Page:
The above statement "government shouldn't risk taxpayer money by investing in private business" and also "government shouldn't pick winners and losers in private business" are so true.

Our economic development strategy can't be to let an inexperienced and incompetent economic development director throw our money away on a flawed philosophy of using tax money to bribe businesses to locate in Ashland.

Since: Jul 17

Location hidden

#10 Oct 3, 2017
A friend of mine pointed out that the $18.6 million is only the money we borrow for the hotel renovation, parking garage, and convention center.

He amortized the bond note over the 20 years and determined the payback will be about $28 million at today's interest rate (which will readjust periodically, usually upwards).

The citizens will pay the lenders about 9.3 million dollars. Do you guys understand why the bond attorney pushes this type of debt yet? Everyone makes money but the citizens and they simply get stuck with all the risk. Remember, we will pay the $28 million back regardless of the success of the hotel, TIF district or anything else.

Anyone wish we had someone that could negotiate a better deal yet?
Good for the Gander

Huntington, WV

#11 Nov 9, 2017
I see the commission voted to take the old Ashland OIl building off the hands of the bank.

Gilmore envisions a parking garage conference center which will attract medium to small conferences to the area and create a grand new downtown for shopping and doing business.

We all wish that would happen but it seems the odds are more toward spending a LOT of taxpayer money buying, demolishing, and building a garage/conference center then having it sit empty like so many other grand idea projects we have had in the past. Unfortunately, the debt to the taxpayer will remain even if Mr. Gilmore's vision proves erroneous.

I would feel a lot better if the Commissioner's put some of their own money into these risky projects instead of ours. It is easy to gamble other people's money and then walk away from the table if it doesn't work out.

Bladensburg, MD

#12 Nov 14, 2017
Good for the Gander wrote:
I see the commission voted to take the old Ashland OIl building off the hands of the bank.

Gilmore envisions a parking garage conference center which will attract medium to small conferences to the area and create a grand new downtown for shopping and doing business.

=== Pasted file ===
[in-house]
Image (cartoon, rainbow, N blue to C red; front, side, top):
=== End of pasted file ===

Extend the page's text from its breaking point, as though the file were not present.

We all wish that would happen but it seems the odds are more toward spending a LOT of taxpayer money buying, demolishing, and building a garage/conference center then having it sit empty like so many other grand idea projects we have had in the past. Unfortunately, the debt to the taxpayer will remain even if Mr. Gilmore's vision proves erroneous.

I would feel a lot better if the Commissioner's put some of their own money into these risky projects instead of ours. It is easy to gamble other people's money and then walk away from the table if it doesn't work out.
I like 🐢 s.
make it n u take it

Huntington, WV

#13 Nov 21, 2017
Pullem must have gotten the hotel development strategy from Gov. Bevins.

The taxpayers of Kentucky own over 20% of Braidy Industries too and they won't even tell us where the money is going or who is invested in the project. Bouchard reminds me of the old story by Stephen King called Needful Things.

You are right Overseer, taxpayer money shouldn't be gambled on investing in private investment. Watch both of these projects closely.
get it right

Ashland, KY

#14 Nov 21, 2017
Taxpayers own 1% of Braidy. And, it is Governor Bevin. Geez.
Creative finance

Ashland, KY

#16 Nov 21, 2017
The 1% quote was disputed and attributed to Bouchard's fuzzy optimistic math from an op-ed piece.

Quoted from October 9, 2017 U.S.A. Today: " Following media requests for public records about the deal, the state released documents that identified only two investors and said both owned at least 20 percent of the company. Braidy Industries and the State of Kentucky"

The State of KY says it owns at least 20% of Braidy at this point.
Creative finance

Ashland, KY

#17 Nov 21, 2017
Interesting article that explains why many feel you shouldn't invest taxpayer money in private projects.

A lot of strange unanswered questions about Brady and the hotel.